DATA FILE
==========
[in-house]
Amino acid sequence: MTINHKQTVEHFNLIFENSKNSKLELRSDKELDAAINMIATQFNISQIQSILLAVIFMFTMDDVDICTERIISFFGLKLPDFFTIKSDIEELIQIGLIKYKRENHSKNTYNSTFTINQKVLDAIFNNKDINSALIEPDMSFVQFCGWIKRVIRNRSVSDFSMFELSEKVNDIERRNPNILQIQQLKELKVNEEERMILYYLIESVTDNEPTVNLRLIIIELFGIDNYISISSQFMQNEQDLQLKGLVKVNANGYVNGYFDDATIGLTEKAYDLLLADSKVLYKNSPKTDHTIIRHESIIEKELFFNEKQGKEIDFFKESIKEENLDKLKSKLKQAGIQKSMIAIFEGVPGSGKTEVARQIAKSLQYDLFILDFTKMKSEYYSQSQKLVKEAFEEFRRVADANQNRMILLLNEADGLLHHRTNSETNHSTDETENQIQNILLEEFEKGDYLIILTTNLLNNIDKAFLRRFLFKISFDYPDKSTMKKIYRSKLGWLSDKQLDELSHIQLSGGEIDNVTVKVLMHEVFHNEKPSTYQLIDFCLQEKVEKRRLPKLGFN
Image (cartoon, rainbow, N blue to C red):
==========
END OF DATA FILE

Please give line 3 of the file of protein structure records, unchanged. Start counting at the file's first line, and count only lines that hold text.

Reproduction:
Image (cartoon, rainbow, N blue to C red):